I like drawing. I’ve made a lot of books over the years and it’s a quite a familiar thing—a comfortable thing for me that’s very easy to produce. I quite like shifting between media because, I don’t know…it just means that I don’t get bored. I’m not really one of those people that wants to be a master of anything in particular. Certainly not craft-wise, anyway.

The thing about working on paper, is that you can still chuck at least half of them away because paper’s sort of cheap. Whereas the canvas, y’know, they’re too expensive and too time-consuming and too space-consuming to start throwing away. It just becomes really impractical. Knowing that you have to keep them all changes things, to a certain extent.

But making these paintings has been really enjoyable, I really feel like I would do some more, definitely. I like the fact that they look like ‘paintings’. They are paintings, obviously…But I’m happy that they look like the kind of oil paintings that I’m interested in….there’s a certain seduction, there’s an appeal to oil paint, something quite visceral. There’s also a sort of myth making that goes with painting as this special ‘thing.’ In a way, that’s why I have always worked on paper. I’m just not interested in that aspect of painting, because it too easily becomes a product to sell and it suddenly becomes precious and there’s so much history of painting that somehow you have to acknowledge…

But I always want to learn something about what I’m doing and this residency did present an opportunity to explore a different medium and explore what you can do with ‘that’ versus what you do with ‘this.’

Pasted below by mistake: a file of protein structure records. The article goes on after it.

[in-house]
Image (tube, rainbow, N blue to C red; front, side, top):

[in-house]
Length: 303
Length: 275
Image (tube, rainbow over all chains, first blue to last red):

Exhibition view, David Shrigley, Oil Paintings, 2015, at Two Rooms, Auckland

Just trawling the internet today, I noticed that your work is often described as acerbic or childlike. I don’t know quite how well these terms express what you’re actually doing. The content of the drawings and paintings seems to tend toward a kind of existentialism, a kind-hearted existentialism perhaps.

Well, I don’t know…I think I would be deceiving you if I said there was any kind of strategy where the work is about this or about that, because it really isn’t. It is very intuitively rendered…I just sort of respond to a context. In this case, I’ve got these canvasses and I’m making some paintings, and I’ve never really made paintings in this manner before.

There’s almost nothing that’s very figurative in them, unlike the drawings. Maybe one or two are, but for the most part they’re just sort of shapes with text—all my works have text. I’m always thinking about trying to say as little as I can. There is a certain economy in the language that is important.

That’s what I like about your drawings. They’re difficult to ‘deconstruct’ in the ugly sense of the word—you can’t really cut one in half to see how it works. It is what it is, and nothing more. There’s something quite perfect in that.

Yes, there isn’t any illusion or context that isn’t immediately apparent in the way that they communicate.

And you seemed to have maintained this kind of economy with the paintings?

What makes me quite happy is that when I came up with the premise for the show—I’ve got oils on canvas, an art shop over the road, a clean space and it’s all very practical and I’m just going to see what happens—I sort of thought it could actually be quite challenging. Maybe a bit stressful, really, having to make a show where you have to include every painting you’ve made.

But, in the end, I always think as long as it’s not shite then it’s alright. And it’s been an alright show. Quite interesting, I think, especially if you know the premise. —[O]